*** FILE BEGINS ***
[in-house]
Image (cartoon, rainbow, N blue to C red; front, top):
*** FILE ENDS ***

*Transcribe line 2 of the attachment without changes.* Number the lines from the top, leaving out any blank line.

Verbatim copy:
Image (cartoon, rainbow, N blue to C red; front, top):